It doesn’t help that the Defense Department’s new EMS Superiority Strategy aims to combine the traditionally separate functions of EW (dealing with contested spectrum) and Electromagnetic Spectrum Management (dealing with congested or constrained spectrum) into a new unified concept: Electromagnetic Spectrum Operations, or EMSO. The combination is necessary because both sets of challenges—increasing congestion and increasing contestation—have to be managed using the same EMS resources. But the new concept can also help blur the lines between two very different kinds of problems.
“The sad truth is, many of the solutions being touted for spectrum dominance might work well in the congested environments they were originally designed for; but they simply don’t provide the resilience the U.S. military requires in the face of spectrum contestation by peer adversaries with advanced EW capabilities,” says Wang.
“There are a lot of marketing buzzwords being thrown about,” he adds. “Some of these terms are now used so broadly that they’ve lost any kind of definition at all. What does LPD (low probability of detection) even mean anymore?”
“There’s an old joke about how a sufficiently well-prepared [technology] demo is indistinguishable from magic,” says Wang. “DoD technical specialists need to take a deep dive into these spectrum technologies and employ evidence-based testing to assess their capabilities.”
If they do, he adds, they’ll find that:
Adaptive power control might work to reduce interference from a network to its neighbors, but it’s basically useless as an anti-jamming or LPD solution in the face of a high-level adversary.
Multiple-input and multiple-output, or MIMO antenna, beamforming doesn’t in reality limit emissions to narrow beams—energy is radiated in all directions.
Dynamic spectrum access and interference avoidance techniques are easily defeated by sophisticated threats.
The stakes could not be higher. Misunderstanding the capabilities the U.S. military is buying means mistakes and weaknesses may not be apparent until they are deployed on the battlefield and service members’ lives are at risk.
The EW kill chain and the systems approach
To successfully challenge U.S. spectrum dominance, adversaries will need to follow the same four-step EW kill chain that our own spectrum warriors must follow.
Signal detection—find the channel;
Signal exploitation—intercept and analyze communications;
Signal geolocation—pinpoint the transmitter; and
Signal denial—jam or interrupt the messages.
Making U.S. networks resilient means understanding all four stages and deploying appropriate techniques, measures and countermeasures to defeat adversary efforts in each of them.
Spectrum resilience can be achieved by defeating or even delaying or complicating adversary measures at any stage of the kill-chain, but spectrum dominance requires defeating them all. Capabilities that are effective against advanced adversary EW capabilities—against contestation, not just congestion—need to start with a systems-based approach. They need to understand and counter every stage of the adversary’s EW kill-chain with an integrated set of defenses.
“Link-level solutions only solve part of the problem,” says Borelli, “which means they don’t solve the problem at all. If you’re only countering one or two of the kill-chain stages, you are not going to be effective. A network-level solution can oppose adversary capabilities at each and every stage.”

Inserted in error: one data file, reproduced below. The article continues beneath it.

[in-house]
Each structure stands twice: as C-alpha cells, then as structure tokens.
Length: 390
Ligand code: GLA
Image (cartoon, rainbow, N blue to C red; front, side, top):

Delivering resilience for spectrum dominance
TrellisWare is working to develop those solutions through the whole Technology Readiness Level stack, from concept through prototyping to deployment.
• The TrellisWare TSM ™ Mobile Ad-hoc Networking (MANET) waveform is the key networking capability for the Army’s Integrated Tactical Network, or ITN, Capability Set 21, currently being deployed to Infantry Brigade Combat Teams. Capability Set 21 will be deployed from 2021 through 2023 and establish the baseline that future network modernization will be built upon.
• TrellisWare has also developed a new, spectrally efficient narrowband waveform which is a fast frequency hopping MANET and complies with the Warrior Robust Enhanced Network (WREN) Narrowband (NB) Over the Air Specification. This waveform provides voice, PLI and data services and is being considered for future ITN Capability Set insertion. The TrellisWare WREN NB Waveform will allow support and interoperability among U.S. coalition partners.
• Under the DARPA Protected Forward Communications (PFC) program, TrellisWare is developing communications technologies to defeat sophisticated adversary EW capabilities and provide resilient communications to front line joint terminal attack controllers and other small units operating independently in close proximity to enemy forces.
• Under the DARPA Network Universal Persistence program, TrellisWare is helping guarantee network resiliency by separating the control plane from the data channel, enabling high capacity data channels to achieve resilient communications in challenging spectrum environments.
All of these cutting-edge solutions enable spectrum operations across a heterogeneous network, providing the fallbacks and fail-safes required for resilience. They all address capabilities from a systems-level point of view, integrating layered defense to achieve spectrum dominance in the face of sophisticated adversaries and their EW capabilities. They all live up to the TrellisWare slogan: “When Nothing Else Works ™.”
TrellisWare works with an ever-growing community of integrators, end-users, and government stakeholders to develop the most capable tactical networking solutions enabled by TrellisWare technology. For more information contact firstname.lastname@example.org or (858) 753-1600, www.trellisware.com